During the first few months of 2022, mortgage rates rose dramatically, and now are roughly double the all-time low we saw last year. We weren’t thinking rates would be here, says Hepp. A few months ago, Hepp says she would’ve forecast rates topping out at 4%. Experts say one major factor behind rising rates is exceptionally high inflation. The most recent data by the Bureau of Labor Statistics shows inflation at 8.3% in April — near the highest level in 40 years. In an effort to rein in inflation, the Federal Reserve has been raising short-term interest rates. With the Fed expected to continue raising interest rates, the mortgage rate markets have anticipated this and are responding with more rate hikes.

Although today’s rates have crossed 5%, this isn’t an abnormally high-rate environment from a historical perspective. It was only a few short years ago when a “good rate” was around 5%.

Preparing to buy during the summer 2022 homebuying season

Even with a cooling real estate market, the limited housing supply in many areas may not meet demand. As a buyer, you’ll want to be prepared to head into another hot summer homebuying season. Here’s how you can prepare:

Preparing to buy
Build your credit score

A good place to start is by focusing on your credit score. People often think of the credit score in terms of loan approval, but it also affects your interest rate, Kapfidze says. The higher your credit score the lower your mortgage rate will be. “If you’re still a few months away from buying, you probably have some time to actually improve your credit score,” he says.

Review your credit reports to ensure everything is accurate and all potential issues are resolved. As you’re saving for a down payment, you may also want to pay down revolving debt, such as credit card debt. This would lower your credit utilization ratio and boost your credit score. 

Stick to your homebuying budget

Regardless of what interest rate you end up with, having a monthly mortgage payment you can comfortably afford for the long term is vital. Before you start shopping for a house, create a homebuying budget to determine how much you can afford to pay each month, stick to it. Don’t get caught up in the emotional side of things and feel you must get this house, Kapfidze says. Going above your budget could create challenges for you in the future. Experts recommend limiting your mortgage payment to no more than 28% of your pretax monthly income.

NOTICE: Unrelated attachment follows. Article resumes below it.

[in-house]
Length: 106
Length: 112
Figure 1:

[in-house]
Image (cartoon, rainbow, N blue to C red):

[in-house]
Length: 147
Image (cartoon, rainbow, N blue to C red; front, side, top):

Preparing to sell during the summer 2022 homebuying season

Sellers shouldn’t have a hard time selling their homes in this summer’s real estate market. But sellers may need to prepare for the summer housing market by adjusting their expectations.

There are reasons to believe it won’t be as easy for sellers as it was during the last couple of years. Housing inventory is expected to grow and with fewer buyers in the market, “sellers have to contend with the idea they won’t necessarily be getting the premium [in sales price] they were expecting,” Hepp says. With that in mind, home prices aren’t expected to decrease, only to rise at a slower pace.

When preparing to list your home for sale, take the local market conditions into consideration. The rise of remote work has shifted demand from large cities to smaller metro areas, so one area could have much different demand than another. Work with a local real estate agent to ensure you’re pricing your home competitively.

A local agent can also help you decide what, if any, updates or repairs to complete before listing your home. “People have been binge-watching a lot of HGTV in the last couple of years,” Dr. Lautz says. “They may have expectations your home is really going to look beautiful and shine.” You’ll have an easier time getting offers for your home if you know what buyers are looking for in your market and you can focus your attention on those things.